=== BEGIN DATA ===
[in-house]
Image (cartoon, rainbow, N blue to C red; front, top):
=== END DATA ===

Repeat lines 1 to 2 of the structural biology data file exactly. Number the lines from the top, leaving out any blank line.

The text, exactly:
[in-house]
Image (cartoon, rainbow, N blue to C red; front, top):